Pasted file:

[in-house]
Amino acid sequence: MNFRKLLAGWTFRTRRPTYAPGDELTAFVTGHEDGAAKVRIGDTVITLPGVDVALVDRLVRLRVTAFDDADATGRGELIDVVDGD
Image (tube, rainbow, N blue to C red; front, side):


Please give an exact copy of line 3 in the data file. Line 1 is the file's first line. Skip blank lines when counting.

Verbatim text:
Image (tube, rainbow, N blue to C red; front, side):